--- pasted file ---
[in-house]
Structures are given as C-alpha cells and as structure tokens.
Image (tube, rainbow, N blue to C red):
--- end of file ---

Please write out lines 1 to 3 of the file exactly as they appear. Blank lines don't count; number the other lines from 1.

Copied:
[in-house]
Structures are given as C-alpha cells and as structure tokens.
Image (tube, rainbow, N blue to C red):